There was also an issue of ambiguity. How do you tell where the docstring for a module is when there is a function definition with a comment right after?:
"""Module doc""" """Fxn doc""" def foo(): pass
There is an ambiguity there thanks to constant string concatenation.
In the end no one seemed to like the idea.
Thanks to the hard work of Richard Jones, "Fred Drake, Sean Reifschneider, Martin v. L÷wis, Mick Twomey, John Camara, Andy Harrington, Andrew Kuchling, David Goodger and Ian Bicking (with Barry Warsaw in a supporting role)" accordinng to Richard, there are a bunch of new features to PyPI (pronounced "pippy" to prevent name clashes with PyPy). These improvements include using reST for descriptions, a new 'upload' feature for Distutils (requires Python 2.5), ability to sign releases using OpenPGP (requires Python 2.5), metadata fields are now expected to be UTF-8 encoded, interface cleanup, and saner URLs for projects (e.g., http://www.python.org/pypi/roundup/0.8.2).
The desire to have decorators applied to class statements was brought up once again. Guido quickly responded, though, stating that unless a compelling use case that showed them much more useful than metaclasses it just would not happen.
This is a summary of traffic on the python-dev mailing list from March 16, 2005 through March 31, 2005. It is intended to inform the wider Python community of on-going developments on the list on a semi-monthly basis. An archive of previous summaries is available online.
An RSS feed of the titles of the summaries is available. You can also watch comp.lang.python or comp.lang.python.announce for new summaries (or through their email gateways of python-list or python-announce, respectively, as found at http://mail.python.org).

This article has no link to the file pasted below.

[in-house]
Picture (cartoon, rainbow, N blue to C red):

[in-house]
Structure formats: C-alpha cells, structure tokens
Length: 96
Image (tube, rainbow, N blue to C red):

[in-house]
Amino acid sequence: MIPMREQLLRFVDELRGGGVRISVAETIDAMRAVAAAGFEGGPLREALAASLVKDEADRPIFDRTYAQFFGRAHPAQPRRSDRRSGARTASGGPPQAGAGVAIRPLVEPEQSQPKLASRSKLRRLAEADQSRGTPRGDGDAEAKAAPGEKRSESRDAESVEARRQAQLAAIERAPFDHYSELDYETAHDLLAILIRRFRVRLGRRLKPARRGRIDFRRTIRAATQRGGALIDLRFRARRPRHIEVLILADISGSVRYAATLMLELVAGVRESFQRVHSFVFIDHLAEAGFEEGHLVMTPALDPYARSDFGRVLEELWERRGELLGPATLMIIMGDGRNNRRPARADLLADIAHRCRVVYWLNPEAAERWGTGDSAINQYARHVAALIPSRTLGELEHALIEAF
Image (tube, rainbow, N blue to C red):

This is the sixty-first summary written by Brett Cannon (it's been fun).
To contact me, please send email to brett at python.org. Do not post to comp.lang.python if you wish to reach me.
The Python Software Foundation is the non-profit organization that holds the intellectual property for Python. It also tries to advance the development and use of Python. If you find the python-dev Summary helpful please consider making a donation. You can make a donation at http://python.org/psf/donations.html . Every penny helps so even a small donation with a credit card, check, or by PayPal helps.
The in-development version of the documentation for Python can be found at http://www.python.org/dev/doc/devel/ and should be used when looking up any documentation for new code; otherwise use the current documentation as found at http://docs.python.org/ . PEPs (Python Enhancement Proposals) are located at http://www.python.org/peps/ . To view files in the Python CVS online, go to http://cvs.sourceforge.net/cgi-bin/viewcvs.cgi/python/ . Reported bugs and suggested patches can be found at the SourceForge project page.
Please note that this summary is written using reStructuredText. Any unfamiliar punctuation is probably markup for reST (otherwise it is probably regular expression syntax or a typo =); you can safely ignore it. I do suggest learning reST, though; it's simple and is accepted for PEP markup and can be turned into many different formats like HTML and LaTeX. Unfortunately, even though reST is standardized, the wonders of programs that like to reformat text do not allow me to guarantee you will be able to run the text version of this summary through Docutils as-is unless it is from the original text file.